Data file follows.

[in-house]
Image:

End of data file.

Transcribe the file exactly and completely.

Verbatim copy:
[in-house]
Image: